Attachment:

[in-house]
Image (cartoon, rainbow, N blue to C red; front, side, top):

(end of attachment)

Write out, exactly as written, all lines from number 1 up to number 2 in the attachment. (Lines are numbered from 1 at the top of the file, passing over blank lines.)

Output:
[in-house]
Image (cartoon, rainbow, N blue to C red; front, side, top):